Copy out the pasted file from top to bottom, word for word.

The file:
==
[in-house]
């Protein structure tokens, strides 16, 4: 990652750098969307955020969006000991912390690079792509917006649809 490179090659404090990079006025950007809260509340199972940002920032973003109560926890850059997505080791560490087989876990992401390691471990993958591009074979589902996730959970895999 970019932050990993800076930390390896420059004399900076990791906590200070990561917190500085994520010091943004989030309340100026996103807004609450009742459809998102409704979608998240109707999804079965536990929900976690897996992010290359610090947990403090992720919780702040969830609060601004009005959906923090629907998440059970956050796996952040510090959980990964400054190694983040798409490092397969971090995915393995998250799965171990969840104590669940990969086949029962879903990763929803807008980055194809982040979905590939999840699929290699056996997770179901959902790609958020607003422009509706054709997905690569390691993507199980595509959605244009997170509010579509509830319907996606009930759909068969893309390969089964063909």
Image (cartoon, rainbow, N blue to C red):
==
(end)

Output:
[in-house]
């Protein structure tokens, strides 16, 4: 990652750098969307955020969006000991912390690079792509917006649809 490179090659404090990079006025950007809260509340199972940002920032973003109560926890850059997505080791560490087989876990992401390691471990993958591009074979589902996730959970895999 970019932050990993800076930390390896420059004399900076990791906590200070990561917190500085994520010091943004989030309340100026996103807004609450009742459809998102409704979608998240109707999804079965536990929900976690897996992010290359610090947990403090992720919780702040969830609060601004009005959906923090629907998440059970956050796996952040510090959980990964400054190694983040798409490092397969971090995915393995998250799965171990969840104590669940990969086949029962879903990763929803807008980055194809982040979905590939999840699929290699056996997770179901959902790609958020607003422009509706054709997905690569390691993507199980595509959605244009997170509010579509509830319907996606009930759909068969893309390969089964063909």
Image (cartoon, rainbow, N blue to C red):